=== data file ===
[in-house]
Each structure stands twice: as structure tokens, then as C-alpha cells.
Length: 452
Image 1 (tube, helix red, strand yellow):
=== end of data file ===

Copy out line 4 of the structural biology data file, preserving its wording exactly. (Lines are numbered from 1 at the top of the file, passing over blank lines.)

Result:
Image 1 (tube, helix red, strand yellow):